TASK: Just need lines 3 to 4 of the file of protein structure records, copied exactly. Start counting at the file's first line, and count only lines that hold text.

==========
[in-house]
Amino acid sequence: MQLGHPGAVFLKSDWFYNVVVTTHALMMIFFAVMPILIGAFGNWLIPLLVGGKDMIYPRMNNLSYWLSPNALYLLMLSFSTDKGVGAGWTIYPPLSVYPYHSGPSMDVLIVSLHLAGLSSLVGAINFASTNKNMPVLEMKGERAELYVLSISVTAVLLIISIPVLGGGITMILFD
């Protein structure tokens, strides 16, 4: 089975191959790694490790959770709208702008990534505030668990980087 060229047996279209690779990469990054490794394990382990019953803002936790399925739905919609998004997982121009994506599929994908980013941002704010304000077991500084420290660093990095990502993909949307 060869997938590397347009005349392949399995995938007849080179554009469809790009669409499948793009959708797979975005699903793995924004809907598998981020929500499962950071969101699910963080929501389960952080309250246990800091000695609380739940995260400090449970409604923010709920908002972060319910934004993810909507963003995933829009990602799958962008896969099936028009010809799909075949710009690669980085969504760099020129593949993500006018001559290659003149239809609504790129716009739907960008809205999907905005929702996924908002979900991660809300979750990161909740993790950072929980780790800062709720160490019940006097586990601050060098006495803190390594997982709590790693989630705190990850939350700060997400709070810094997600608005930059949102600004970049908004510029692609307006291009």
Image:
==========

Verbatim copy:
């Protein structure tokens, strides 16, 4: 089975191959790694490790959770709208702008990534505030668990980087 060229047996279209690779990469990054490794394990382990019953803002936790399925739905919609998004997982121009994506599929994908980013941002704010304000077991500084420290660093990095990502993909949307 060869997938590397347009005349392949399995995938007849080179554009469809790009669409499948793009959708797979975005699903793995924004809907598998981020929500499962950071969101699910963080929501389960952080309250246990800091000695609380739940995260400090449970409604923010709920908002972060319910934004993810909507963003995933829009990602799958962008896969099936028009010809799909075949710009690669980085969504760099020129593949993500006018001559290659003149239809609504790129716009739907960008809205999907905005929702996924908002979900991660809300979750990161909740993790950072929980780790800062709720160490019940006097586990601050060098006495803190390594997982709590790693989630705190990850939350700060997400709070810094997600608005930059949102600004970049908004510029692609307006291009």
Image: